DiGeorge syndrome gene mutation results in disrupted communication between cell types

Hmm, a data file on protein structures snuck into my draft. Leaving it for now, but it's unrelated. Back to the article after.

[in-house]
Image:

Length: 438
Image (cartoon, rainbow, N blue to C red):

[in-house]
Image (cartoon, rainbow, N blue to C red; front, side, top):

Healthy development relies on countless collaborations between contrasting cells, each meeting at just the right moment like soulmates on a dance floor. One such rendezvous occurs early in the development of the nerves that underlie facial movement and feeling, between neural crest and placode cells – the precursors of pain-sensing neurons and mechanosensory neurons, which fine-tune behaviour by sensing and responding to movement. Genetic mutations that disrupt this coupling are linked to DiGeorge syndrome in children, which causes facial abnormalities and difficulties suckling and swallowing. Researchers examined the developing cranial nerves of mice (pictured) with the mutation and found communication between the cell types, rather than physical proximity, was disrupted, and that neural crest cells (highlighted in green) developed into pain-sensing neurons (red) too soon, upsetting the healthy balance. Deciphering the molecular details of the crosstalk is the next step in attempts to restore the broken communication and one day change lives.
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